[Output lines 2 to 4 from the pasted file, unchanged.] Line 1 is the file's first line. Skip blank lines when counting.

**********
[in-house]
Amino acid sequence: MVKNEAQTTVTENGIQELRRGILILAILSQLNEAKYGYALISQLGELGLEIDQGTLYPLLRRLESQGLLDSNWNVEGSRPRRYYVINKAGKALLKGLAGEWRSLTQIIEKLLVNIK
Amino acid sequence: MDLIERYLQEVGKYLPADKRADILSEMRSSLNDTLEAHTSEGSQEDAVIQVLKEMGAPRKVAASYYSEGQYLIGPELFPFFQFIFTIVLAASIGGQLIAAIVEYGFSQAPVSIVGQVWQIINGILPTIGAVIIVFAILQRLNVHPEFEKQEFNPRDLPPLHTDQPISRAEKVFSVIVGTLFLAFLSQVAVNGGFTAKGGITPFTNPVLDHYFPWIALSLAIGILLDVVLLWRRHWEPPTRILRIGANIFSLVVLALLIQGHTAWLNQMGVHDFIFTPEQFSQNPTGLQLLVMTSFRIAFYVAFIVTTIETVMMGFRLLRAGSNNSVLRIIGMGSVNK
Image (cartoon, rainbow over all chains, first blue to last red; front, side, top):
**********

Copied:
Amino acid sequence: MVKNEAQTTVTENGIQELRRGILILAILSQLNEAKYGYALISQLGELGLEIDQGTLYPLLRRLESQGLLDSNWNVEGSRPRRYYVINKAGKALLKGLAGEWRSLTQIIEKLLVNIK
Amino acid sequence: MDLIERYLQEVGKYLPADKRADILSEMRSSLNDTLEAHTSEGSQEDAVIQVLKEMGAPRKVAASYYSEGQYLIGPELFPFFQFIFTIVLAASIGGQLIAAIVEYGFSQAPVSIVGQVWQIINGILPTIGAVIIVFAILQRLNVHPEFEKQEFNPRDLPPLHTDQPISRAEKVFSVIVGTLFLAFLSQVAVNGGFTAKGGITPFTNPVLDHYFPWIALSLAIGILLDVVLLWRRHWEPPTRILRIGANIFSLVVLALLIQGHTAWLNQMGVHDFIFTPEQFSQNPTGLQLLVMTSFRIAFYVAFIVTTIETVMMGFRLLRAGSNNSVLRIIGMGSVNK
Image (cartoon, rainbow over all chains, first blue to last red; front, side, top):